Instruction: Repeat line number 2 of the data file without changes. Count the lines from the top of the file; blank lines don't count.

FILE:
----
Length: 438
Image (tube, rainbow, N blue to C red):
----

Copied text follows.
Image (tube, rainbow, N blue to C red):